Theranos has emerged as a cautionary tale in digital health. The darling of modern diagnostics, it turns out that things aren’t what they seem.
Of course, Elizabeth Holmes was just trying to make a buck. That’s her job. But let’s talk about the people who should have been asking the hard questions.
The real story is about the media that built Theranos. On the way up reputable journalists sold us with their authority. And after drawing eyeballs and ad dollars, they’re now cashing in on the way down. As experts on both sides of the story, they seem to be twice as smart only after one journalist did his job. It’s hard to watch
Is there any accountability to the consuming public?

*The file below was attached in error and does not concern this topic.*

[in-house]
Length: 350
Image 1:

Almost worse than the journalists who failed the public are the legions of stay-at-home digital health evangelists who blindly parrot anything shiny that floats in their stream. Beyond building their own micro-authority, their noise about Theranos did its own part to create the crisis. This should give us pause about what we share and promote as individuals.
The media buzz machine has an accountability problem that’s conveniently getting little coverage. Perhaps we should hold the media to the same standard as Elizabeth Holmes. What would it look like to put the journalists who pushed Theranos in the spotlight and find out who knew what when?
Image via Big Ed Mustapha/Flickr